Peals, Rumblings, & Flashes: Illinois Congressional Edition.
by Joshua M. Patton
Political campaigns are contentious, divisive, and often downright ugly, and it is all of those things in the 8th district in Illinois. Wounded war veteran Tammy Duckworth, formerly the Director of the Illinois Department of Veterans Affairs and the Assistant Secretary of Public and Intergovernmental Affairs for the United States Department of Veterans Affairs, is running for the House of Representatives. She is one of the many veterans who are becoming involved in politics following their service in the military. Her opponent, incumbent Joe Walsh, a Republican and Tea Party darling, has helped this campaign capture national media attention because of his seemingly dismissive attitude of both Duckworth’s bona fides and the pride with which she speaks of her service.
Walsh was quoted in an article at Politico.com saying “What else has she done? Female, wounded veteran … ehhh, she is nothing more than a handpicked Washington bureaucrat. David Axelrod, Rahm Emanuel just picked her up and dropped her into this district.” However, since leaving the military, she has resided in Illinois, but she does bear some similarity to the President. She has a multi-ethnic background and lived in both Hawaii and Southeast Asia. However, Duckworth has stated during the campaign that she is working towards bipartisanship and will by no means simply toe the Democratic line.
Despite the fact that she served and was injured during combat, despite the fact that she has struggled to heal from her injuries and learn to live with two prosthetic legs, in that same Politico article, Walsh has the nerve to say, “She’s a bureaucrat. I’m a fighter.” It is these thoughtless statements, wrought with logical inconsistencies that has defined Walsh’s campaign style and endeared him to the Tea Party. In another video from a town hall meeting in Elmhurst, Illinois, Walsh says that he wishes that Mitt Romney would “rejoice” in his wealth and announce that his a rich-American proudly. A staunch supporter of success, Walsh then says that he wants “everybody to be wealthy.” On the surface this seems like a nice statement, but ignores the situational differences, between perhaps a wounded veteran from a low-income family and a child of a State Governor from considerable privilege like Mitt Romney, that could preclude one from attaining that kind of astronomical wealth.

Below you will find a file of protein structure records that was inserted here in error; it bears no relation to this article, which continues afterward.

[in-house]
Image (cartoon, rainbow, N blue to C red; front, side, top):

Perhaps the most troubling statement Walsh has uttered, however, was another campaign stop in Elk Grove, Illinois where he said of Duckworth’s service, “My God, that’s all she talks about. Our true heroes, the men and women who served, that’s last thing in the world they talk about. That’s why we — we are so indebted and in awe of what they have done.” Perhaps this is just campaign bluster and Walsh is scrambling to find some way to stand apart from Duckworth’s truly remarkable service record. However, this attitude represents a troubling attitude that civilians have towards members of the military. Veterans of conflicts like World War II, Korea, and Vietnam, established a kind of omerta about their service, specifically the horrors of war. While noble in intention – to protect loved ones and children from the gorier details – Walsh’s statement takes that a step further by saying that it is almost shameful for veterans to discuss their experiences. Regardless of political ideology, Walsh is wrong and should himself be ashamed for suggesting that maintaining this culture of silence somehow makes the veteran more heroic. He later appeared on The O’Reilly Factor but guest-host Laura Ingram lobbed softballs at him and never questioned him about why he thinks veterans should keep talk of their service to themselves.
This is a time when the effects of PTSD are more apparent than ever in veterans and the suicide rate amongst both active-duty and veterans continues to climb. Talking about one’s service, whether in a positive way or to unload some of the burdens of a terrible experience, is indeed an admirable act. Walsh is being trounced in both the polls and fundraising, with Duckworth’s campaign raising $1 million. While the statements he is making may be the utterances of a desperate candidate, the larger impact of these statements is disparaging to veterans in general and his repeated claims of honoring the service of all veterans ring hollowly in the ears of anyone listening.
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